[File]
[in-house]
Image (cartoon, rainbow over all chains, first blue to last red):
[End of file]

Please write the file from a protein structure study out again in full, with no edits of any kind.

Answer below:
[in-house]
Image (cartoon, rainbow over all chains, first blue to last red):